Store bought ranch dressing can come as liquid (in bottles) or dry mix of ingredients stuffed into packets or bottles.
And while we already know the fate of pre-made ranch dressing, we’re yet to understand how long ranch packets or even seasonings can last unopened, opened (the ones in bottles) and when mixed.
In this article, we’ll answer that question for you, and even discuss how to tell if your ranch packets have gone bad.
How Long Does Ranch Seasoning And Mix Last Before Opening?
Similar to other dried herbs and seasonings you have at home, an unopened ranch seasoning and ranch mix can last up to two years in your pantry, sometimes even more.
That’s right! Those tiny packets of delight (or large containers you brought from the stores) share nearly the same impressive shelf life as their fellow spice rack inhabitants like curry, salt and other seasonings.
Most ranch mix or seasonings would last between 1.5 to 2 years after manufacture and still maintain their integrity. Take Hidden Valley’s Original Ranch Seasoning Blend In Canister for example. It has a shelf life of over 600 days which is around 1 year 6 months from the date of manufacture, the mix for sauces, dressing and dips and on the other, had a shelf life of over 430 days which is still a pretty impressive storage life.
You might be wondering what makes these mix and seasonings so resilient?
The answer lies in their low moisture content and the use of preservatives (sometimes) to extend their shelf life.
In their manufacturing process, dried herbs and seasonings have had most of their water content removed which significantly slows down spoilage caused by bacteria or mold growth.
Additionally, the foil-lined packaging (or if in bottle, the airtight sealing) helps protect the contents from air exposure and light degradation, further extending their lifespan.
How Long Does Ranch Mix (Sauce Or Dip) Last?
Upon mixing your dry ranch mix with its liquid counterparts (typically sour cream, mayonnaise, milk and/or buttermilk), it becomes like a homemade version, and the clock starts ticking on its freshness.
The new homemade ranch dressing will last up to two weeks when stored in an airtight container in the refrigerator.
Before consuming the ranch dressing, remember that your sense of sight, smell and taste are an ally; if your concoction begins sporting an off-putting odor or texture change, for example it’s beginning to smell bad or turn clumpy or separated, it’s time to bid it farewell and whip up a fresh batch.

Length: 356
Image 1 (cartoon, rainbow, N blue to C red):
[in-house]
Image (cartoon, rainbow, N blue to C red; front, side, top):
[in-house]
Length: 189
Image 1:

How Long Are Ranch Dry Mix Packets Good After Expiration Date?
When it comes to ranch mix packets (and also the seasonings packets or those in canisters) and their expiration dates, let’s first clarify one crucial point there: that printed date is actually more of a “best by” date rather than an “expiration” date. In fact, it’s stamped there like that — “Best Before” Date.
This means that beyond this date, the potency and flavor of the seasonings may start to wane but not necessarily render them unsafe for consumption, unlike with expired products like drugs or baby foods.
As a general rule, expect most seasoning packets to retain their full-bodied flavor for up to 1 year past their best by date if stored properly: meaning they’re kept in a cool dry place, away from sunlight, moisture and insects which can destroy the packaging and gain access to the contents.
Even after that 1 year has passed (unless you have a broken packet), chances are your seasoning packet will still pack some punch in terms of taste – albeit slightly milder than its heyday.
Before you use the packet, just be sure to give it a sniff test before using – if it smells off or has lost its aroma entirely, then maybe it’s time for that little packet to be tossed away for a new one.
How Can You Tell If Ranch Mix Or Seasoning Is No Longer Fresh?
There are different signs you can use to tell if your ranch mix or seasoning has lost its potency.
First, check for an expiration date on the packaging.
Most manufacturers will provide a “best by” or “use by” date as a guideline for optimal freshness, but keep in mind that these dates aren’t always set in stone; they’re merely suggestions to ensure peak taste and quality. Only question the freshness of the seasoning when you notice some of the signs below in addition to the fact that it has expired.